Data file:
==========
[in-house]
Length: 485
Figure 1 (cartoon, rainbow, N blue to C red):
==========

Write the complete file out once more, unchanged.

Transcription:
[in-house]
Length: 485
Figure 1 (cartoon, rainbow, N blue to C red):